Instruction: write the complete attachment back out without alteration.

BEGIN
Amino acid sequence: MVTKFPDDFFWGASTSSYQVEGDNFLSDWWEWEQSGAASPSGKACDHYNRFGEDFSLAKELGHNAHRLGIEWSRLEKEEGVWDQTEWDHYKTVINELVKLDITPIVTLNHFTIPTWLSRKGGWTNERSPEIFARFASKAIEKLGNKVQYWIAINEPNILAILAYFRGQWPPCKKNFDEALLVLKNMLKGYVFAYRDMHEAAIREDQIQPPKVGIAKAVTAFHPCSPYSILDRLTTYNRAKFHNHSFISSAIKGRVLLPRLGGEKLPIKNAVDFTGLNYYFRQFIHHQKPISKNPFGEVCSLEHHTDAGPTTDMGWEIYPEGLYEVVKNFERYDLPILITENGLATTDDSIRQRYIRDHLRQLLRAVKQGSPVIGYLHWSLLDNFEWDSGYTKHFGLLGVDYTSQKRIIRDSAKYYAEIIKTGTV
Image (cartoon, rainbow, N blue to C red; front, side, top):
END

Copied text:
Amino acid sequence: MVTKFPDDFFWGASTSSYQVEGDNFLSDWWEWEQSGAASPSGKACDHYNRFGEDFSLAKELGHNAHRLGIEWSRLEKEEGVWDQTEWDHYKTVINELVKLDITPIVTLNHFTIPTWLSRKGGWTNERSPEIFARFASKAIEKLGNKVQYWIAINEPNILAILAYFRGQWPPCKKNFDEALLVLKNMLKGYVFAYRDMHEAAIREDQIQPPKVGIAKAVTAFHPCSPYSILDRLTTYNRAKFHNHSFISSAIKGRVLLPRLGGEKLPIKNAVDFTGLNYYFRQFIHHQKPISKNPFGEVCSLEHHTDAGPTTDMGWEIYPEGLYEVVKNFERYDLPILITENGLATTDDSIRQRYIRDHLRQLLRAVKQGSPVIGYLHWSLLDNFEWDSGYTKHFGLLGVDYTSQKRIIRDSAKYYAEIIKTGTV
Image (cartoon, rainbow, N blue to C red; front, side, top):